With the arrival of warmer weather my living room windows are often open and in the evenings the scent of jasmine wafts through the windows.
Several years ago someone (the Sydney City Council? my building's volunteer gardening team? the gardeners from the Australian Technology Park across the street?) planted jasmine in the previously barren, litter-strewn street-side garden below my windows. The garden is now covered in a deep green creeper throughout the year and in Spring, is studded with starry white beautifully scented flowers.
Even if the Sydney City Council gardeners aren't responsible for the delight the jasmine gives me, they have excelled themselves in other ways this Spring. In one of the local main streets they've hung baskets filled with brilliant red begonias from the lamp-posts. They make me smile every time I see them.
[What wipes the smile from my face, however, is the fate of the old Victorian Italianate style Redfern Post Office, the tower of which you can see behind the begonias. Like so many grand nineteenth century public buildings - it was designed by Colonial Architect James Barnett and built in 1882 - it no longer serves its original function and now, sadly, has a sign telling us it's for lease. The working post office has moved to a soulless shopfront.]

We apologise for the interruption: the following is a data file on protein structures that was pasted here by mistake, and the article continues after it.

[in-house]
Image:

In the centre of the city itself I happened upon this garden in Martin Place.
Big square pots have been massed together and densely planted with a mixture of marigolds, white petunias, some spiky leafed plant with small ball-shaped yellow flowers (an Australian native plant? do you gardeners out there know?) and parsley. Yes, masses and masses of parsley! In this case the unexpectedness of the combination made me smile.
And finally, some jacarandas; an introduction to summer.
These are not particularly spectacular examples of jacarandas in bloom, but I think the background of the Sydney Harbour Bridge makes them irresistible. I imagine these trees must significantly pre-date the current crop of Sydney City Council gardeners, but they do protect and nurture the trees.
The results of other people's gardening continue to delight me - and I feel particularly fortunate that my local council delivers me this delight.